Mayor Kevin Faulconer made a pretty bold claim about public safety during his State of the City speech this week: “In San Ysidro, ambulance help is arriving a full minute faster than before. In Skyline, we’re opening a temporary fire station to immediately improve emergency service. In Encanto, we boosted Fire-Rescue response by three minutes.”
Is he right? San Diego Fact Check finds that he is. These neighborhoods have a history of being neglected on the emergency-response front, and all have benefited from new attention.
“Still, the city is far from closing the book on its emergency response problems,” VOSD’s Liam Dillon reports. “Four years ago, a consultant identified the community surrounding Home Avenue in City Heights as the most likely to have a delayed emergency response in the city. Nothing has been done to help Home Avenue residents yet.”
San Diego Explained: Solar Eclipse
It’s not always a huge story when a local company has to shed a few hundred jobs, but the France-based solar manufacturing company Soitec is no ordinary company. It came to town with lots of hoopla and lots of taxpayer-funded incentives, but now it’s cutting hundreds of positions. San Diego Explained, our video series with NBC 7, examines what went wrong.
Political News Roundup: Sherman Tank
Councilman Scott Sherman, a Republican, joined several of his colleagues last month and ousted Todd Gloria from his position as Council president. Sherman sheds new light on the big vote in an interview with KPBS, saying he thinks the position should rotate and that Gloria focused too much on “agenda-type driven mentality and ideas” like raising the minimum wage.
Sherman didn’t rely on government wage help as a young man. He said he asked for a $5-an-hour raise at a landscaping job and got it. It also helped that his father hired him at his insurance company, which Sherman later managed.
• Researchers believe that restrictions on housing forced by NIMBYs force up housing costs and “are the American economy tens — perhaps hundreds — of billions of dollars per year.” (Vox)
Threats Against… the Weather Service?!
The Gawker blog is probing the bizarre story of a meteorology fabulist — a guy who spreads weather hoaxes — who “is now under local and federal investigation for using social media to threaten the National Weather Service’s office in San Diego.”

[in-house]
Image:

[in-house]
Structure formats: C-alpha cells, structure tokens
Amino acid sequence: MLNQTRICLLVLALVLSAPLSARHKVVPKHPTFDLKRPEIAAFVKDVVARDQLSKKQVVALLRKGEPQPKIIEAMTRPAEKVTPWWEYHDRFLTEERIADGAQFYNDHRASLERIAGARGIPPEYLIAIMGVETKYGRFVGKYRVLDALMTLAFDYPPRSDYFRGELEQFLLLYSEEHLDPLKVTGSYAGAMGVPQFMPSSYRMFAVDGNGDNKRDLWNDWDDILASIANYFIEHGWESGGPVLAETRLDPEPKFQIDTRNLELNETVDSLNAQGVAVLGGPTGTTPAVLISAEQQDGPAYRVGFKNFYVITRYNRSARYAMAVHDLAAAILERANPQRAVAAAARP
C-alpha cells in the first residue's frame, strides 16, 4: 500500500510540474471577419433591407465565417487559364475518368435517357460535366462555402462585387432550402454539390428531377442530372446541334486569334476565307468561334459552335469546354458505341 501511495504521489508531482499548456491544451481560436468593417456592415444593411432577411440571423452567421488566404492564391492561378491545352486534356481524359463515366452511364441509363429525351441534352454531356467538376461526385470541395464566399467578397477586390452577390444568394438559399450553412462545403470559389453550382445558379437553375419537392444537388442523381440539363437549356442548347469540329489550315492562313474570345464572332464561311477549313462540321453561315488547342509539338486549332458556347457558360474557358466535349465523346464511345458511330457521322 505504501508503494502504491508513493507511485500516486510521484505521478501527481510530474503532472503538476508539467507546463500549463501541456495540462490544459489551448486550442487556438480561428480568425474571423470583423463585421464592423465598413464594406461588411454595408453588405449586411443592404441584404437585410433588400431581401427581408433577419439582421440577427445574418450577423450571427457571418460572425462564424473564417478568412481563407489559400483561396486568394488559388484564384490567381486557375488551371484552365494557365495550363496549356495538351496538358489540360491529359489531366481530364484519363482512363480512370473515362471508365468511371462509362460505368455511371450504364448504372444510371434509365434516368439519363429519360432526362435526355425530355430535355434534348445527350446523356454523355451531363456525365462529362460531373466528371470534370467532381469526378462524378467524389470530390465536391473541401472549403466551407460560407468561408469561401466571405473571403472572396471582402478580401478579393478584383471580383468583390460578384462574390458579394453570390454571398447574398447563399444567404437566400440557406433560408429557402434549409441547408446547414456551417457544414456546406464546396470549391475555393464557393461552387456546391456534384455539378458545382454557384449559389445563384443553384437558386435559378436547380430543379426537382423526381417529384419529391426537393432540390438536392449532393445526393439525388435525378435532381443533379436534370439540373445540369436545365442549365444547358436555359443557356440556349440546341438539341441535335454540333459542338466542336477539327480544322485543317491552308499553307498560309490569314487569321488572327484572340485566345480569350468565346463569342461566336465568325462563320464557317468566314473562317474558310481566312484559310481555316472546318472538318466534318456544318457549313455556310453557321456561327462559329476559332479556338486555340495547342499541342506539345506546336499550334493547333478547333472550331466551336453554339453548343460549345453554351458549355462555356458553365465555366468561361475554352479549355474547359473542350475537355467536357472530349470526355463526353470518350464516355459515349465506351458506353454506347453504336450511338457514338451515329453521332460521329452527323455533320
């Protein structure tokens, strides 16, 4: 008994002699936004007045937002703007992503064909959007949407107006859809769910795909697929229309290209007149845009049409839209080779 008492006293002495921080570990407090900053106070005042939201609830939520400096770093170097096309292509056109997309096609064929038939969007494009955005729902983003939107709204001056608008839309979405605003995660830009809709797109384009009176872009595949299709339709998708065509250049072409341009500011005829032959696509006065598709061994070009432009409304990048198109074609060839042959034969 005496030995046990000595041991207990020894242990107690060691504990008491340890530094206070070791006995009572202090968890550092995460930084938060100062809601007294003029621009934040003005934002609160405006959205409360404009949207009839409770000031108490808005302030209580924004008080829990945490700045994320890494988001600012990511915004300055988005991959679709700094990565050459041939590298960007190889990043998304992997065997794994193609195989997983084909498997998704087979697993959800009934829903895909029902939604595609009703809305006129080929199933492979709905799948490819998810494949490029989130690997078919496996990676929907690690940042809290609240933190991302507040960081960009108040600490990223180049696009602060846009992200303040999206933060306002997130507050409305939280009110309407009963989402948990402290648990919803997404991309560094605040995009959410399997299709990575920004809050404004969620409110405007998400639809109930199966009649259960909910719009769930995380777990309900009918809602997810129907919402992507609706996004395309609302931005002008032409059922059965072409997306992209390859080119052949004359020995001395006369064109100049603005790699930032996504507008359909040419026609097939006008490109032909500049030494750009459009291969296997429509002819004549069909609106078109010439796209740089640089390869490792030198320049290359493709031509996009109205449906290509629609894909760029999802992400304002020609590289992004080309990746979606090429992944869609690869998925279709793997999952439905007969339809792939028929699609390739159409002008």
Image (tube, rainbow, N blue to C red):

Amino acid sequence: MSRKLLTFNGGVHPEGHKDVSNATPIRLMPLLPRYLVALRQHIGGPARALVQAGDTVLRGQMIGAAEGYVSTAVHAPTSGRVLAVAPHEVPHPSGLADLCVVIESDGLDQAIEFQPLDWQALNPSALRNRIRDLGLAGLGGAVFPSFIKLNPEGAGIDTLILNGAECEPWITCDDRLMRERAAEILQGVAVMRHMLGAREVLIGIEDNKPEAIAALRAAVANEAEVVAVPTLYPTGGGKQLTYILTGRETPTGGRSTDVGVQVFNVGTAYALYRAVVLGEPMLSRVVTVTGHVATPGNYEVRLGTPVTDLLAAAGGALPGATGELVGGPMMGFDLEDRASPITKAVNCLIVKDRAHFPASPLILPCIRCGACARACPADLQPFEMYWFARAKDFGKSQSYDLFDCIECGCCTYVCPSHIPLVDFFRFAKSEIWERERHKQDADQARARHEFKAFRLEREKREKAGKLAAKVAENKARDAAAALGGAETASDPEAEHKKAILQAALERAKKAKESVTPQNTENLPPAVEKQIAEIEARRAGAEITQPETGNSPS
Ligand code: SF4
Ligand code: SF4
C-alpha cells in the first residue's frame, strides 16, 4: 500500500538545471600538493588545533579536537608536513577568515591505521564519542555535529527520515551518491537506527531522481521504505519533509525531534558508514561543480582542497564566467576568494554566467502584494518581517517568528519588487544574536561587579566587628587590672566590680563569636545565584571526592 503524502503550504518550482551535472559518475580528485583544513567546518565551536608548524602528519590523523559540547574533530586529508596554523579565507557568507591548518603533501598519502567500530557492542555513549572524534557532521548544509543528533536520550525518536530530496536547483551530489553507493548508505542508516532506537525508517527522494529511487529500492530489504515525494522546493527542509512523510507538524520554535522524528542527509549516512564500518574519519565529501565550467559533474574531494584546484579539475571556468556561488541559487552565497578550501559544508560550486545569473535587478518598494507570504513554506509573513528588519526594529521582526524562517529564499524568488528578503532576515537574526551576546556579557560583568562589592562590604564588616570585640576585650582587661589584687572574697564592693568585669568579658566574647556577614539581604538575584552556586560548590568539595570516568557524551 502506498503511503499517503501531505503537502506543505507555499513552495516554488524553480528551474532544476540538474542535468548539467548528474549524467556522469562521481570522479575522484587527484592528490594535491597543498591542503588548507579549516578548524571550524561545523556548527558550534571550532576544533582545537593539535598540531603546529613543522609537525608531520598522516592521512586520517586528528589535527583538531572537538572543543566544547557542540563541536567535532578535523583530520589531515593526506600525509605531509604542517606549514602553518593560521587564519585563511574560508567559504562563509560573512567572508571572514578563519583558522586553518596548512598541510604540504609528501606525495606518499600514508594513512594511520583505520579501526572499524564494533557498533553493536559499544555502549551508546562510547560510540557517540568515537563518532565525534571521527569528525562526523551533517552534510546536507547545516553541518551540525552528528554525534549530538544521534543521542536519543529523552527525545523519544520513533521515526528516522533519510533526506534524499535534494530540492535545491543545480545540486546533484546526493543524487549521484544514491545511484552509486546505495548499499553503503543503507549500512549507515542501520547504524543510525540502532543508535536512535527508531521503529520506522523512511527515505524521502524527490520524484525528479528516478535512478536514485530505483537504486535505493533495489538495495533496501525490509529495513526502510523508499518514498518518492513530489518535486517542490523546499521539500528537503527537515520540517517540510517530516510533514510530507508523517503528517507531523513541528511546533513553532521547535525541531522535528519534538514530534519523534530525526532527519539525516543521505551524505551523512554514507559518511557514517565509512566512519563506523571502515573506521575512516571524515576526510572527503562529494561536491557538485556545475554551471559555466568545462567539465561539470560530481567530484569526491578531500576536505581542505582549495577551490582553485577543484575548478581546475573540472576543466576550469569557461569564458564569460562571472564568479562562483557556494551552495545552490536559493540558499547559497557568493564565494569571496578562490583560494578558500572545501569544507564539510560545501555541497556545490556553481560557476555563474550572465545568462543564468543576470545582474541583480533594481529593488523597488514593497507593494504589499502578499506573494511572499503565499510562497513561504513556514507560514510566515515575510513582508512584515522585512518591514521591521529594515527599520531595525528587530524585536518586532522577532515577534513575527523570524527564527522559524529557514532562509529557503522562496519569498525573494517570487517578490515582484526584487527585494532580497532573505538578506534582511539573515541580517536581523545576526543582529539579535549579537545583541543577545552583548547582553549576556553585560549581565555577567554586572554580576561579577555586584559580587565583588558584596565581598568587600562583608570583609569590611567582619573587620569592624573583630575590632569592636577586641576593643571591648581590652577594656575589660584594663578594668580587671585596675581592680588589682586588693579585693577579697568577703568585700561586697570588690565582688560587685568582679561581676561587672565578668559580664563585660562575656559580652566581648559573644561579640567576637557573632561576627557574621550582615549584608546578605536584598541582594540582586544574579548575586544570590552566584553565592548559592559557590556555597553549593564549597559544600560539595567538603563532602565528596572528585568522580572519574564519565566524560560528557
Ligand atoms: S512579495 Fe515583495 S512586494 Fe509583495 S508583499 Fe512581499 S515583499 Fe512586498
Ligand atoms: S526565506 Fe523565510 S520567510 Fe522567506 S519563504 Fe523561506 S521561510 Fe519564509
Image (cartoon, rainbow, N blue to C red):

“During the height of the situation in December, employees at NWS San Diego were informed that management had increased security at the building,” Gawker reports, “and that local and federal authorities were actively investigating his threats against the agency.”
Serra’s No Saint, Critics Say
Never mind all those diorama missions that we California natives had to build in fourth grade: There’s a dark history behind Spain’s colonization of the Golden State. As the pope plans to canonize Father Junipero Serra, we’re hearing plenty about it. The NY Times explains: Native American “historians and authors blame Father Serra for the suppression of their culture and the premature deaths at the missions of thousands of their ancestors.”
San Diego County, by the way, is home to not one but two Spanish missions: the most famous one, Mission San Diego de Alcalá, and the somewhat lesser-know Mission San Luis Rey de Francia in Oceanside. San Diego de Alcalá is also known as St. Didacus of Alcalá, lived in the 15th century. San Luis Rey de Francia is St. Louis IX, King of France, who lived in the 13th century.
Quick News Hits: More Cop Cams
• The Sheriff’s Department wants body cameras for its officers. (SD Reader)
• “A drone laden with methamphetamine crashed into a supermarket parking lot in the northwestern Mexican city of Tijuana, just yards from the United States border,” GlobalPost reports. While this story is making waves internationally since a drone is involved, the amount of meth is only about 7 pounds.
• Several local restaurants make Yelp’s “Top 100 Places to Eat in the U.S. for 2015.” The top local scorer, at No. 8, is La Jolla’s Bobboi Natural Gelato.
• U-T columnist Logan Jenkins takes a look at brochures touting the Panama-California Exposition at Balboa Park in 1915. One declares we’re a place where “January is the same as June, where Summer never dies, where skies are always blue.”
Boosterism gone amok. And it was always thus. As I discovered a while back, a guidebook to San Diego from 1894 brags about a “perfect” sewer system and “swift electric cars” that “glide along with easy, unruffled motion.” Plus “an excellent library of 9,000 volumes, an elegant opera house built at the cost of $100,000, more than five miles of paved streets and 45 miles of graded streets.”
“Two first-class daily newspapers” covered the news, while coastal caves in La Jolla — pronounced “La-hoy-eh” — gave the town “an air of rugged grandeur and zest of danger.”
Eh, huh? Hmm. Now about that “perfect” sewage system…
Randy Dotinga is a freelance contributor to Voice of San Diego and president of the American Society of Journalists and Authors. Please contact him directly at firstname.lastname@example.org and follow him on Twitter: twitter.com/rdotinga.